No preview · Article · Jan 2004 · APOPTOSIS
  • [Show abstract] [Hide abstract]
    ABSTRACT: It is well known that Fas ligand and anti-Fas antibodies can induce apoptosis, although some cancer cells are resistant to their stimuli. On the other hand, phosphatidylinositol 3'-kinase (PI3 K) and Akt mediate the survival signal and allow the cells to escape from apoptosis in various human cancers. Thus, we postulated that LY294002, a PI3 K inhibitor, should inactivate Akt, consequently inhibiting cell proliferation and increase apoptosis in the human gastric carcinoma cell line, MKN-45. Previously, we reported that MKN-45 was resistant against the anti-Fas antibody, CH-11, without interferon-gamma pretreatment in vitro. LY294002 caused a decrease of phosphorylated-Akt and an inhibition of cell proliferation via cell cycle arrest in the G0/G1 phase by P27/Kip1 accumulation, but there was no obvious induction of apoptosis. The simultaneous treatment of LY294002 and CH-11 significantly induced apoptosis confirmed by morphology and DNA ladder formation. Decreased phosphorylated-Akt by LY294002 treatment led to a down-regulation of Mcl-2 and phosphorylated Bad proteins, which are anti-apoptotic factors and belong to the Bcl-2 family. On the other hand, expression levels of the other anti-apoptotic factors, such as FLICE-inhibitory protein (FLIP), Bcl-2 and Bcl-XL, which are associated with the Fas-mediated apoptotic signal pathway, did not change after LY294002 treatment. We concluded that: 1) the PI3K-Akt pathway plays an important role in preventing Fas-mediated apoptosis; and 2) a PI3 K inhibitor, such as LY294002, might be a useful anti-tumoral agent for gastric carcinoma.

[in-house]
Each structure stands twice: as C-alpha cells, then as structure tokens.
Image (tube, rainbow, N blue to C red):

No preview · Article · Feb 2004 · Journal of Cancer Research and Clinical Oncology
  • [Show abstract] [Hide abstract]
    ABSTRACT: The progression from precancerous (adenomatous) colon polyps to malignant colorectal cancer involves the complex actions of various cytokines on T cell proliferation, cell-cell adhesion, apoptosis and host immunity. A broad spectrum of new treatments, including innovative molecular therapies such as gene therapy and treatment with cytokines, is under experimental and preclinical investigation. Nonsteroidal anti-inflammatory drugs and selective cyclooxygenase-2 inhibitors have traditionally been used as inflammation-reducing agents in cases of colon adenoma. Currently, adjuvant immunotherapies such as recombinant gene therapy and antibody-cytokine fusion proteins are assuming a more significant role in the management of colorectal neoplasia. Furthermore, advances in antitumour necrosis factor antibodies for the treatment of ulcerative colitis and Crohn's disease may have potential as chemoprotective agents for the treatment of colon polyposis. The present review aims to discuss the immunological mechanisms underlying colon tumour progression and the molecular and immune-based therapies that are leading to new methods of prognosis and treatment.
    No preview · Article · May 2004 · Canadian journal of gastroenterology = Journal canadien de gastroenterologie
Show more